• Targeted interventions to meet needs within your context can be developed in-house linked to mental health, vital communication skills and will support greater belonging and trust between school and young person.
  • Incidents of bullying, prejudice and discrimination will be reported and challenged safely by young people.
  • Community voice will be more positive.
  • Teacher/student relationships will improve.
  • Students will discuss and challenge what they see/ read in the media and feel safe to do so.
  • Use assessment methods to track and monitor students learning.

What are the key principles of PSHE education that safeguard young people?

It is a simple formula. Safeguarding is ‘everybody’s business’ or ‘everyone’s responsibility’. So, always explore it through the foundations below.

Key principles
Be balanced and neutral; don’t scare monger and explore without judgement. Depersonalise the topics – use case studies, scenarios and don’t ask for examples. Think about triggers - share lesson content and when specific topics are being taught to ensure student support is available and easy to access.
Stay abreast of new legislation and share this with young people and their families. Help young people recognise inappropriate behaviour towards them or others and to access help. Raise awareness of abuse, gender-related and gang violence.
Teach the language, skills and strategies that enable pupils to tackle and mitigate risks. Explicitly teach young people how to have safe inquiring conversations about difficult things. Model it. Every time, no excuses.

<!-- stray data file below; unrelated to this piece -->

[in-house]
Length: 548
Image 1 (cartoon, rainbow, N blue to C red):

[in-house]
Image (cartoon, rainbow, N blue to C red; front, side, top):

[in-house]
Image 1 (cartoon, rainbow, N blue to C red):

Help young people to support and seek help for friends who are in unsafe situations. Support the development of personal attributes such as self-esteem, resilience, and self-confidence. Look for ways to develop student leadership and activism.
Have mechanisms for self-referral in place. In my present setting we have a Microsoft Form on all student iPads that links directly to our DSL. Deliberate selection of outside partners that enhance the curriculum and offer opportunities for mentoring and small group work with targeted young people. Provide opportunities for anonymous questioning, sharing both in-lesson and around school. Use these questions to inform future planning.

A few things to remember though…

  • Don’t encourage students to disclose sensitive information in the classroom.
  • As far as possible students should share sensitive information in a suitable, one-to-one setting with an appropriate member of staff.
  • Ensure your practice is in line with other relevant policies, such as those for e-safety, mental health and anti-bullying.
  • Provide students with up-to-date contact details for where they can obtain confidential help and support both in school and in the wider community.
  • Have agreed ground rules and expectations, explain why they are there and how they safeguard everyone in the lesson.
  • Don’t deliver reactive education. Topics such as knife crime, or binge drinking, should act as the context through which we develop overarching concepts such as risk, power, and healthy relationships. They should not become the focus after an incident in the community or national media.
  • Lessons should always cover the law in relation to issues being covered.
  • Learning for male and female pupils should be consistent.

Final thoughts

Schools are not islands in isolation from the world around them. They are the anchors that young people stabilise beside. They help navigate the choppy world of teenage development and they propel them towards their future aspirations. They help connect young people to the modern world. They build bridges to partners so that they too can support young people on their learning journey.

PSHE isn’t the silver bullet, it’s the roadmap. Done well, it ensures young people make it through their teenage years having accomplished and learned how to be human.

Last Updated: 
19 Jul 2022